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Hmong food in Seattle?

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I remember hearing about a Hmong place in Seattle a while back; does that still exist? If so, where?

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  1. Great question, I wish I had specific knowledge of such a place.

    I can say that Cham cuisine--a different ethnic group with a substantial population in vietnam--was served at Salima before it sadly closed approximately one year ago.

    1. Hmongs, like many SE Asian peoples, are into large family group gathering cookouts. Therefore, like Filipinos, there's a relatively small market for these types of foods in restaurants, as the primary consumers of these foods would rather eat it at home or at their relatives' houses.

      Although I do have a Hmong friend who is gathering up a set of family recipes and getting ready to open a fusion-y restaurant. Unfortunately, he said the business plan requires essentially a low-end Hawaiian-style teriyaki type of place with some Hmong side dishes. Can't blame him to be more fiscally careful these days as lots of specialty restauranteurs are financially in the hurt right now.

      3 Replies
      1. re: HungWeiLo

        I don't know---might work. Some will be drawn in by the teriyaki and I'll be there to try the Hmong food! Well, I will if you remember to tell us all about the restaurant when it opens1

        Seriously, is food served at religous events? Way back in Lala land, there was this Thai Buddhist temple that operated a most wonderful food court on certain weekends or in connection with festivals. It was open to all. Does anyone know of anything like that for Hmong food [or anyone elses for that matter]?

        1. re: HungWeiLo

          Did your friend ever open this place up?

          1. re: fredstorm

            Unfortunately not. He's got a lot of talent and savvy around cooking large quantities of high quality food. But he's definitely an "all ideas and no execution" kind of guy.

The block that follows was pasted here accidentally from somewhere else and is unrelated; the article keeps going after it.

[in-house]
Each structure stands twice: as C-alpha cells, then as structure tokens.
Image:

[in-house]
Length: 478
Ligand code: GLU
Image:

2. There is a Cambodian restaurant in Seattle, Phnom Penh Noodle House.
          ww.phnompenhnoodles.com

          Olympic Express on MLK Way S is owned by Muslim Cham from Vietnam. It's got a odd menu of many countries, but all halal.

          I don't know if either place has Hmong food. One opportunity would be to participate in a potluck at one of the p-patches with a large Hmong population. I'm no longer in that sphere, so I can't say which patch that might be, but you might ask around at the organization.

          There is also typically a Hmong New Year's event in town - I think late fall. Seattle Center.

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          Phnom Penh Noodle House
          660 S King St, Seattle, WA 98104

          Olympic Express
          7101 Martin Luther King Jr Way S, Seattle, WA 98118

          1 Reply
          1. re: tsquare

            I had guessed that Olympic Express might serve Cham cuisine, but I've never been. How is the food there? The Yelp reviews are reactionary and negative on balance, but that is par for the course with that site.

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            Olympic Express
            7101 Martin Luther King Jr Way S, Seattle, WA 98118